All relationships are really important to me and it doesn’t pay to push the ethical boundaries of trust and respect. I think this is why we have so many employees who’ve been with us a long time and also many of those businesses that we have acquired have also seen their people chose to remain and continue to work for us. It’s really a two way-street in that we will support and develop our people including those going through adversity but for those who aren’t interested in staying, then we’ll help them find a new career elsewhere.
Secondly, I don’t start anything that I don’t fully understand. I am not averse to taking external advice on these matters, but if I still don’t “get it” then I pass on the opportunity.
Thirdly, I believe you get good results from good people. Even when things don’t go to plan you have got to keep supporting your people through thick and thin to achieve the best result you can!
When I have followed these principles and rules, I have not gone far wrong.”
As the business has grown and you’ve developed a strong management structure, what do you look for in terms of character in the people you recruit?
“First of all – integrity. Second equal are intelligence, communication skills and determination. In my opinion, businesses, large and small, fall down because managing directors and owners can fall into one of two big traps; they either appoint in their own likeness probably because there’s an insecurity about challenge or they go to appoint the brightest people because it’s easy to mistake intellect for commerciality.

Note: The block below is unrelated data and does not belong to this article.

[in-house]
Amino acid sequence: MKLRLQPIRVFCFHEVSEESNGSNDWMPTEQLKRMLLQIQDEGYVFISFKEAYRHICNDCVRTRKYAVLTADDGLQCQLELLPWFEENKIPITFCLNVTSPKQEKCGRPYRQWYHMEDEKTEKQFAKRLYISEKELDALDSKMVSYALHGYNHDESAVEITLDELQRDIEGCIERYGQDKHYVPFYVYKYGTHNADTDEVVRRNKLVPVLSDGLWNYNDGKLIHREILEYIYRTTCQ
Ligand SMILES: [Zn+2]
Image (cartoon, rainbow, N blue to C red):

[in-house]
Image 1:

I have come to recognise one thing in my life – no matter how good I might think I am in business, I acknowledge that I don’t have all the answers nor can I do everything by myself.
Therefore I like to surround myself with smart and driven people. Another key aspect of leadership is self-awareness: it is absolutely vital to understand where your strengths and weaknesses lie, and if necessary be prepared to be critical of yourself as let’s face it, it’s all too easy to be critical of other people. What I have tried to do is surround myself with people who are good at those things that I am not.
For example I have worked with Chris Heaton, our Group Managing Director for twenty-five years and we’re both completely different characters. There are times in big meetings when he will see a blindingly quick solution to a specific issue. Chris’s mind works like a computer, he is particularly commercial and always logical, and that means we work really well together and ultimately we can complement each other’s strengths and weakness.